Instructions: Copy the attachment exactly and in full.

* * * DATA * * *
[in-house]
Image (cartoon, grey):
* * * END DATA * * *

[in-house]
Image (cartoon, grey):